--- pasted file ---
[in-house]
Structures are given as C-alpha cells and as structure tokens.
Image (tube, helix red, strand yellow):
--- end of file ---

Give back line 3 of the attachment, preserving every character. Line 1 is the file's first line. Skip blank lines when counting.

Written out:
Image (tube, helix red, strand yellow):